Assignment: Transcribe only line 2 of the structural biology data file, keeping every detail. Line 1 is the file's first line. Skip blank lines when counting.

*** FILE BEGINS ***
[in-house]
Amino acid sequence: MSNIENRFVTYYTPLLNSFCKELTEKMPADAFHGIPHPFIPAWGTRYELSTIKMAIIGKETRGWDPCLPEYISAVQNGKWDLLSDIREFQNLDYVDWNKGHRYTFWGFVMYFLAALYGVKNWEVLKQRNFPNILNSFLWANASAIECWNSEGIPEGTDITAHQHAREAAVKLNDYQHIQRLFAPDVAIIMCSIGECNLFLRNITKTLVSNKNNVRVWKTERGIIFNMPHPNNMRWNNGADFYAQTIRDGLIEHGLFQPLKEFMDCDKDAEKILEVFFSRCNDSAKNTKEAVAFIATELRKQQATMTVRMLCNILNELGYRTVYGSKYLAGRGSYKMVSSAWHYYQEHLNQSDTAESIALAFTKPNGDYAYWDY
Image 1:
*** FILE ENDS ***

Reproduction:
Amino acid sequence: MSNIENRFVTYYTPLLNSFCKELTEKMPADAFHGIPHPFIPAWGTRYELSTIKMAIIGKETRGWDPCLPEYISAVQNGKWDLLSDIREFQNLDYVDWNKGHRYTFWGFVMYFLAALYGVKNWEVLKQRNFPNILNSFLWANASAIECWNSEGIPEGTDITAHQHAREAAVKLNDYQHIQRLFAPDVAIIMCSIGECNLFLRNITKTLVSNKNNVRVWKTERGIIFNMPHPNNMRWNNGADFYAQTIRDGLIEHGLFQPLKEFMDCDKDAEKILEVFFSRCNDSAKNTKEAVAFIATELRKQQATMTVRMLCNILNELGYRTVYGSKYLAGRGSYKMVSSAWHYYQEHLNQSDTAESIALAFTKPNGDYAYWDY